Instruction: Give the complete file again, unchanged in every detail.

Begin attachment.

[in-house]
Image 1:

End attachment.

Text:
[in-house]
Image 1: